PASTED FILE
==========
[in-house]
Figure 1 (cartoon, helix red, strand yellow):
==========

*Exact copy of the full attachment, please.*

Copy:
[in-house]
Figure 1 (cartoon, helix red, strand yellow):